The purpose of this study was to investigate the influence of motivational climates in physical education classes on junior high school students’ perceptions of physical activity. We used the following model as the basis of our study. The presence of two motivational climates (performance and mastery) in physical education classes promotes goal orientations (ego and task), which in turn result in the enhancement of students’ perceptions of physical activity. The sample comprised 934 junior high school students (mean = 13.8 ± 0.9 years). The measures included a questionnaire regarding motivational climate in physical education, a goal orientation scale, and a physical activity scale. A multi-population simultaneous analysis demonstrated the validity of the causal model for both boys and girls. The main results showed that in both groups, the motivational climates (performance and mastery) in the physical education classes had positive influences on students’ perceptions of physical activity. In addition, while we observed slight differences between boys and girls, the motivational climates had positive influences on students’ goal orientations overall, which in turn had positive influences on their perceptions of physical activity. In conclusion, to promote better perceptions of physical activity in students, it is important that teachers cultivate climates of both performance and mastery in physical education classes. They should pay particular attention to the mastery climate, as it was the strongest predictor of students’ perceptions of physical activity in our study.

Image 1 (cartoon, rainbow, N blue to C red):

Our previous study reported a new teaching tool termed the “cap shooter” we developed in order to help third grade pupils understand the “stored kinetic force in rubber” during science classes in elementary school. A cap shooter consists of a clothes peg, a rubber band and a thick paper disk such as the cap of a milk bottle. The shooter propels the paper disk. In this study we investigated the pupils’ understanding of the learning content using a cap shooter and a previously introduced rubber-band driven car, by focusing on the actual state of pupils’ learning of “stored kinetic force in rubber”. A one-unit program of two science class hours was utilized for teaching third grade pupils of a public elementary school. Pupils in Group A took the first class hour with the cap shooter and the second one with the rubber-driven car, while those of Group B took two class hours in reverse order of the introduction of the two teaching tools. The results from pre-test and post-test questionnaires given to the pupils showed that the content of the classes affected pupils in both groups about their understanding of the rubber band. However, it was found the cap shooter was a more effective aid than the rubber-band driven car for gaining an understanding of how rubber produces power, which was one of the aims of the class. Compared with the class with a rubber-band driven car, the cap shooter class promoted the pupil’s understanding of the learning contents more effectively, and information exchange among pupils was found to be greater from class observations. Almost all pupils responded positively that the cap shooter was a more useful teaching tool. Moreover, analysis of VTR recordings of the class showed that, compared with the time needed to make the rubber-band driven car, time needed to make the cap shooter was much shorter and thus more time for the investigation activities was allocated to the pupils. Overall, the results suggested that the cap shooter is a better suited teaching tool for pupils to gain an understanding of the “stored kinetic force in rubber”.